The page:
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Investing in Our Communities: April Meade and Brooke’s Place

March 22, 2024


Brooke's Place LogoLosing a loved one is never easy. For kids and teens, managing emotions that arise during the grief journey can be especially difficult. That’s why April Meade volunteers with Brooke’s Place, an Indianapolis nonprofit organization that provides support services to help kids work through their loss.

A manager for KSM’s State & Local Tax Group, April serves as a Brooke’s Place board member to ensure that families in central Indiana have the resources they need during tough times. She says, “Brooke’s Place works with kids, teens, and their families when those families have lost someone significant like a sibling, a grandparent, or a parent.”

Allowing Grieving Kids To ‘Just Be Kids’

An ongoing support group is one of the organization’s most utilized services, with trained facilitators who work directly with kids who have lost a family member. Participants eat dinner at support group events before joining in varied activities, including fun things that allow them to just be kids.

That may sound trivial, but grieving young people don’t get to “just be kids” in most contexts. “In every other space that they’re in when kids have lost someone, they are the ‘other,’” April explains. “They have to talk about it — or they don’t get to talk about it. They can’t talk about losing someone they love because it makes other people feel uncomfortable.”

Brooke’s Place is holding kids’ hands and going alongside them on their grief journey. They are impacting families and communities by creating places where kids will be able to feel their feelings.

– April Meade, State & Local Tax Group

Things are different at Brooke’s Place. “All of the kids here are going through a grief journey, so they’re one of many,” says April. “They get to just be a kid with other kids who know what they’re going through.” That means a blend of fellowship and fun along with art projects, conversations, and focused therapeutic activities to help participants recognize and process their complex and sometimes confusing emotions around their loss.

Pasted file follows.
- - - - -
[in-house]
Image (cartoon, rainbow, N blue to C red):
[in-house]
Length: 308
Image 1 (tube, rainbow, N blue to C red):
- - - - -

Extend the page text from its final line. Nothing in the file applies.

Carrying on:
A Personal Connection

Before becoming involved with Brooke’s Place, April knew she wanted to give back to her community and that KSM would support her efforts since the firm actively encourages employees to volunteer for causes and organizations they care about. A friend suggested that April consider serving on the board for Brooke’s Place, so she agreed to meet with the executive director and quickly accepted a board position. During their conversation, April recognized a personal connection that made the organization resonate even more deeply with her. “As I was talking about why I wanted to support Brooke’s Place, I realized that my dad lost his dad as a teenage boy,” she says. “But there was no organization to help my dad back then and let him know it was okay to feel his grief.”

Previous generations of children and teenagers often received explicit or implicit messages that they should repress or ignore their feelings following a death. But grief is a powerful reality that can’t be effectively sidestepped. When children aren’t able to process complicated emotions, the effects can be long-lasting and shape their future lives in numerous ways.

April has learned a lot about the grief journey through her work with Brooke’s Place, and she knows how valuable the organization’s services are for helping kids move through it. “As the daughter of a father who has lost someone that young, I can see the impact,” April says. “Brooke’s Place is holding kids’ hands and going alongside them on their grief journey. They are impacting families and communities by creating places where kids will be able to feel their feelings. And if my dad had that, I can’t tell you how different his life might have been.”


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